Adapted from Edgar Lee Masters’ “Spoon River Anthology” by Mike Ross and Albert Schultz
Composed by Mike Ross
Directed by Albert Schultz
Reviewed by David Roberts and Joseph Verlezza
Theatre Reviews Limited
Upon entering Pershing Square Signature Center’s Romulus Linney Courtyard Theatre to view a new musical adaptation of Edgar Lee Masters’ 1915 “Spoon River Anthology,” we became a bit leery about the execution of this undertaking (no pun intended) as we walked down a dark hallway past Bertie Hume lying at rest in a casket. Continuing in the dark, we turned to walk through a cemetery of old tombstones, turned again and finally entered the seating area of the theater. It was rather peculiar and unnecessary since it is not immersive theater. It seemed to cast an inept and amateurish tone, rather than prepare us for what was to come. Never let a gloomy cemetery fool you!
A few moments after Mr. Pollard (played with sensitive substance by Diego Matamoras) begins to spout his beliefs and his perspective on death, informing us he “seems to be the only one here old enough to pretend to be wise, and young enough to make it up to the top of this hill, we know we are in for a great evening of storytelling. Then “The Hill” comes alive, first with men, followed by women, and then joined together in song, rising from the dead to introduce themselves and greet the passersby (audience). As though they were “lined up” at the Pearly Gates ready to make their case for entrance, they share their engaging life-stories hoping, perhaps, to find forgiveness, redemption, understanding, or just to celebrate who they were while traversing the human plane.
Some of the stories are delivered as prose-poems with one character, or a couple, or a group of characters sharing their lives and their deaths. Other stories are sung through and a few combine word and song. Passersby hear of the troubled marriage of Mr. McGee (Brendan Wall) and Mrs. McGee (Raquel Duffy) and the lonely and abused Nancy Knapp (Michelle Monteith) who “Set fire to the beds and the old witch-house went up in a roar of flame.” Stories of “drunks” – Didymus (Daniel Williston), Deacon (Diego Matamoros), and Oscar (Stuart Hughes – and “women of the night” – Minnie Lee (Courtney Ch’ng Lancaster), Lucille Lusk (Sarah Wilson), Mary Howe (Miranda Mulholland), and Laura Santini (Raquel Duffy) – challenge conventional views and mores and other societal norms and strictures.
The songs that are perhaps most memorable are the Widow McFarlane’s (Jackie Richardson) admonition for the residents of Spoon River that they have “woven a snow-white strip of cloth” wasting it all “at the loom of live.” “Widow McFarlane [is the] weaver of carpets for all of the village.” Ms. Richardson’s brooding contralto tones shake the recesses of the soul and her character’s “dire warnings” connect deeply with the vicissitudes of the human experience. The song of Two Mothers” is equally soulful and transcendent. Emily Spark (Michelle Monteith) and Elsa Wertman (Raquel Duffy), one the birth-mother of Hamilton Green (Jeff Lillico), the other the adoptive mother sing (with Jeff) the plaintive song “Where Is My Son” that examines privilege and injustice with harmonically-rich tones of unbridled grief.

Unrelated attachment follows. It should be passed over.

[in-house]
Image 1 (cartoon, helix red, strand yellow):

The other songs that stand out come at “Spoon River’s” conclusion. Bertie Hume (Hailey Gillis) comes up from the grave at the end and delivers a plaintive tribute to life and living and all things left behind at death. Ms. Gillis’s voice is rapturous as she reminisces over the “kisses of vanished lips, the eyes of rapture, the whispers of sacred midnights, and the blue of October water.” Bertie Hume’s lament segues into Edmund Pollard’s (Diego Matamoras) and “the chorus of the dead’s” appeal to “all who pass by” the graveyard to reexamine and celebrate the “light of life, the sunlight of delight.” This mixture of textured voices is beautifully chilling and its repetition a somber yet celebrative reminder of the preciousness of life’s adventure: “Leave no balconie where you can climb, nor golden heads with pillows to share, nor no cups while the wine is sweet.”
This adaptation by Soulpepper Theatre Company’s Mike Ross and Albert Schultz is top-notch, honoring the original poems of Edgar Lee Masters yet giving them a freshness and vitality that reverberates with authenticity and reflects the mid-World War I fears of mortality and survival. Albert Schultz’s staging is strong and exceptional and Mike Ross’s music is emotionally rich, passionate, and often mesmerizing. The ensemble cast seems to welcome the music into the depth of their sinews and delivers the songs with riveting and polished performances. Ken MacKenzie’s sparse and adaptable set and his mood-specific pools of light, Erika Conner’s costumes and Andres Castillo-Smith’s sound are the perfect accompaniments to Mr. Schultz’s effective staging. See Soulpepper’s “Spoon River” before it leaves New York City.